Announced since mid-June, the technical meeting between national authorities and private operators in the sector, which must settle the details of the implementation of a floor price of 2600 dollars/tonne, opened on Wednesday 3 July 2019 in Abidjan.
For this summit meeting, the Ivorian and Ghanaian gendarmes in the cocoa sector, the Coffee-Cocoa Council (CCC) and the Cocobod (Ghana Cocoa Board), will have as their main international and multinational negotiating partners (Cargill, Cémoi, Barry Callebaut, Mars Cocoa, Sucden…) and will together set to music the modalities for applying the floor price required by Côte d’Ivoire and Ghana (US$2,600 per tonne of cocoa).
Yves Brahima Koné, the CCC’s Executive Director, while insisting that the challenge is « to provide answers to farmers’ poverty », nevertheless wants to be balanced when he says that « we want a consensus ». To influence the negotiations, the two leaders of brown gold (65% of world supplies) have already decided to suspend « until further notice » their bean sales for the 2020-2021 season, which will start in a little over a year. It remains to be seen whether, at the end of this meeting, this attempt by the two neighbouring countries to set their own rules will bear fruit. In 1988,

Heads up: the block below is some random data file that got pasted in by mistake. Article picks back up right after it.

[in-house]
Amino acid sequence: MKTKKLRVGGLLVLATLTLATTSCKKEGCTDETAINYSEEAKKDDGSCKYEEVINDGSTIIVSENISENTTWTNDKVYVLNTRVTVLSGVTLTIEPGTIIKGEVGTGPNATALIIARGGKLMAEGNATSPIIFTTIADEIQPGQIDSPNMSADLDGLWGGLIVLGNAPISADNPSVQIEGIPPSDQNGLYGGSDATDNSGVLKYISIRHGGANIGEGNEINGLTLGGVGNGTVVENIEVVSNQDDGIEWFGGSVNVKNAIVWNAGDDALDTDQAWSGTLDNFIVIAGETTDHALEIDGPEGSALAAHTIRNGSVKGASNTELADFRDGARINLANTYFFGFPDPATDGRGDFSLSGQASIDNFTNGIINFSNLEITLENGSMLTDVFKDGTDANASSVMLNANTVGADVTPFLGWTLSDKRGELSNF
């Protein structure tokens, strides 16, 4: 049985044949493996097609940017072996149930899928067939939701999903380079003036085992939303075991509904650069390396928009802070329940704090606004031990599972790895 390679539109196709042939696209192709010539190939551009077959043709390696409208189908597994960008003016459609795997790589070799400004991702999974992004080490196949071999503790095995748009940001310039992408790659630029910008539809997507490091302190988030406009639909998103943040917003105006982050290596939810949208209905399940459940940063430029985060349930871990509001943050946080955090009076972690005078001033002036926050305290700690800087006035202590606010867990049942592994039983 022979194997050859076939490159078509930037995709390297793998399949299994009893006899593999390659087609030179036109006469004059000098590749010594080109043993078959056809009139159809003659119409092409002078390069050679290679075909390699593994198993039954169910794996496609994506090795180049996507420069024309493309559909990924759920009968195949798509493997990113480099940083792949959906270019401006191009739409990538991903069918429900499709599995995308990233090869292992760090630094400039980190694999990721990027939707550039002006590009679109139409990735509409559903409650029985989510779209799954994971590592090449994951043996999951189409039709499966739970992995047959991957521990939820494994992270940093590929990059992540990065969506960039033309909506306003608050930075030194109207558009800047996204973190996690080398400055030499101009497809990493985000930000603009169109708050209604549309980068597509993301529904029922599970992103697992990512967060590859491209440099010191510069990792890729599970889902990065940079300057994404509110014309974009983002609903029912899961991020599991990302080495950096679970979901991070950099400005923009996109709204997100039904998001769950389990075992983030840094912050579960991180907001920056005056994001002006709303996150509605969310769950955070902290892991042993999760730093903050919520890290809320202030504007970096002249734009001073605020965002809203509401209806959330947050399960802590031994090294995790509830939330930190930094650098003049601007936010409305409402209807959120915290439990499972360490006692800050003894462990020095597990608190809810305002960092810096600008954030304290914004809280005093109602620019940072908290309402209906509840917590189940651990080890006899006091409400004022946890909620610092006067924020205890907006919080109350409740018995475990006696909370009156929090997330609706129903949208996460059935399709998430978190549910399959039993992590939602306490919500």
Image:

Ivorian President Félix Houphouët-Boigny also tried to impose his conditions on the international market by temporarily freezing bean exports. Without success. Today, however, it is the two world leaders in the sector who are united. And if successful, the financial repercussions for farmers could be significant: with a price per kilo equivalent to about CFAF 1,000 – compared to 750 today – the associated income would theoretically increase by more than 30%.